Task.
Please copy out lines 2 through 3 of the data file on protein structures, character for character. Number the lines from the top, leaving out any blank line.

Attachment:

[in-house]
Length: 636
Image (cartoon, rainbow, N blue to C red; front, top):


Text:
Length: 636
Image (cartoon, rainbow, N blue to C red; front, top):